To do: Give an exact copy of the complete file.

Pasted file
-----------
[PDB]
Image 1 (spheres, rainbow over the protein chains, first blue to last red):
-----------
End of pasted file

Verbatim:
[PDB]
Image 1 (spheres, rainbow over the protein chains, first blue to last red):